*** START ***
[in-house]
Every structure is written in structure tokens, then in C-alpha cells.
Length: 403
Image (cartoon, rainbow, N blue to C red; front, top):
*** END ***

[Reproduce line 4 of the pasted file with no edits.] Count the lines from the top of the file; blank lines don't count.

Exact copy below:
Image (cartoon, rainbow, N blue to C red; front, top):